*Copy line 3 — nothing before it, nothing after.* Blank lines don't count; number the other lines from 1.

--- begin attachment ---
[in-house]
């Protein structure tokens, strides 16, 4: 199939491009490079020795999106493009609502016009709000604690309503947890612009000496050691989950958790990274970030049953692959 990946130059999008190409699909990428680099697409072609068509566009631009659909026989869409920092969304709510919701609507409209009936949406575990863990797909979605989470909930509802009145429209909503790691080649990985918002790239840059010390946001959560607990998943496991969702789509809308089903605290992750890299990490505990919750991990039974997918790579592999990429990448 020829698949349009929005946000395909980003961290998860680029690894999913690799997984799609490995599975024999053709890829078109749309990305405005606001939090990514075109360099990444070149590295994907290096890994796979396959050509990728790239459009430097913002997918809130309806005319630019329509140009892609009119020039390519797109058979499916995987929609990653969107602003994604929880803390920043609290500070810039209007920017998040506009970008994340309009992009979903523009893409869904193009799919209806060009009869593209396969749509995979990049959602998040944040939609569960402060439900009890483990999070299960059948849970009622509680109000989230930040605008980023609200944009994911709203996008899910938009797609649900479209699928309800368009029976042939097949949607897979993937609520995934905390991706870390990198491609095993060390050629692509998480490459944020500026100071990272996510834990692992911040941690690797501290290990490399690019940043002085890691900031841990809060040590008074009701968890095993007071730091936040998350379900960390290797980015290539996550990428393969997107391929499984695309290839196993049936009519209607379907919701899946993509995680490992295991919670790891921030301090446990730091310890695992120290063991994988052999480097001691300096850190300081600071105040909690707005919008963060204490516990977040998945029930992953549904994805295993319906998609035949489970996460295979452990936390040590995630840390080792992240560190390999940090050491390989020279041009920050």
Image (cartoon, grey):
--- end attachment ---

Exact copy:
Image (cartoon, grey):